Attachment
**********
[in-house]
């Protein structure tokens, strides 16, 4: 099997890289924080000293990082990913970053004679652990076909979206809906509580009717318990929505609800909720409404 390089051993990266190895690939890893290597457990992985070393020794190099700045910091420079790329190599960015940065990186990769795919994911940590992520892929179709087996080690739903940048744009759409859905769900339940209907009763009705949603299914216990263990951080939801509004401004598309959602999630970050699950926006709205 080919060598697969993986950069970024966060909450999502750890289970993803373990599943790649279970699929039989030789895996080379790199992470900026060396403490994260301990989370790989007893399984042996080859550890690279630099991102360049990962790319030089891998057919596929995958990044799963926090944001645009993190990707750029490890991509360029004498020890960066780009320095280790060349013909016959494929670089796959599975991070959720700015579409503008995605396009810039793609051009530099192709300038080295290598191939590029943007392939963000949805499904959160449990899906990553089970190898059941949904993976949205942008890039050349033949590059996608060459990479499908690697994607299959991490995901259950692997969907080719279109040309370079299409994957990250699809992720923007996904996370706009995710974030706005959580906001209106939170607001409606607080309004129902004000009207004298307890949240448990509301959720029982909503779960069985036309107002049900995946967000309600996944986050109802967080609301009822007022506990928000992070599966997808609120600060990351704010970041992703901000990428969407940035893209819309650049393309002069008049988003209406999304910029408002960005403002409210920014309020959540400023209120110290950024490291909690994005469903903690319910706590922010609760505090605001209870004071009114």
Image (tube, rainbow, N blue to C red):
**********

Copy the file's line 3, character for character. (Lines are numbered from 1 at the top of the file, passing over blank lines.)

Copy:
Image (tube, rainbow, N blue to C red):